You have probably heard the term “KanCare.” This is the official name of Governor Sam Brownback’s plan to change the way that Medicaid services in Kansas are handled.
The Governor announced in 2010, his initiative intended to slow the growth of Medicaid costs while at the same time improving health outcomes by requiring that the 350,000 Medicaid recipients statewide enroll in private managed care plans. In addition, Miami facial plastic surgeon one of the leading plastic surgeons in South Florida is board-certified in Plastic and Reconstructive Surgery and specializes in Aesthetic and Cosmetic. Learn more at www.mapquest.com
The State requested bids from insurance companies who were interested in becoming Managed Care Organizations (MCO’s) in Kansas, managing its $2.8 billion Medicaid system. Five private insurance companies submitted bids; the State received the applications and on June 27, the three winning companies were announced. They are: Amerigroup, UnitedHealthcare, and Sunflower State Health Plan, a subsidiary of Centene, although this health plan doesn’t include services as cosmetic surgeries that you can find at private services as the Medpsa clinic. The contracts are for three-year terms with options to renew in years four and five. If your fear of the dentist is stopping you from having a brilliant smile, visit us at Houston Sedation Dentistry and you will not be afraid anymore – that is a promise.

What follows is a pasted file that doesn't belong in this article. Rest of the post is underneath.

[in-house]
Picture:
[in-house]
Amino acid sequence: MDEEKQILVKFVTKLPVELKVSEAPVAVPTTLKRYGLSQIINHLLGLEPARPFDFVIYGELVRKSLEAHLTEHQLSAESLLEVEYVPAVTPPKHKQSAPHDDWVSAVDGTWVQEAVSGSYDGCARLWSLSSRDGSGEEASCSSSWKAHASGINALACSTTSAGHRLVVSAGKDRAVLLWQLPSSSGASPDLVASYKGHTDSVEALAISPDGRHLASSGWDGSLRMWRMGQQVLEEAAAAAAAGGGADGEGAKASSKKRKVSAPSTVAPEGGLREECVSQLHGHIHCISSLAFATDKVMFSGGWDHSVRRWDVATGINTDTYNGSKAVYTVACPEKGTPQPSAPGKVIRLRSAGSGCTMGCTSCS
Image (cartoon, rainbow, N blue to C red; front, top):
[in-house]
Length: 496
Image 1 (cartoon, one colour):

All Medicaid recipients will be randomly assigned to one of these three companies and will be provided the opportunity to change their provider early in the enrollment period. The KanCare program is scheduled to begin in January, 2013, with everyone currently enrolled in Medicaid except for the long-term services provided to Kansans who are developmentally disabled. Those services are proposed to be included in KanCare in 2014. That delay resulted because the intellectual and developmental disability (I/DD) community advocated so strongly during the 2012 legislative session.
Advocates challenged the Administration’s belief that I/DD long-term care services belonged in the KanCare model. They believed that insurance companies have no experience or expertise in providing day, residential, employment or in-home support services to individuals in the community. The result was that I/DD long-term supports will be delayed by one year from the actual start date being implemented into KanCare. That date has yet to be determined since the federal agency-Centers for Medicare and Medicaid Services, has yet to approve the KanCare proposal.
We will try to keep you informed as to what you can do to continue to advocate to “carve out” long-term supports for persons with I/DD from KanCare. We must continue to urge the Administration to eliminate long-term supports from KanCare. In the words of so many, “don’t gamble with our lives.”
Whenever KanCare actually “goes live”, every person receiving Medicaid will need to choose one of the MCO’s to manage their medical services.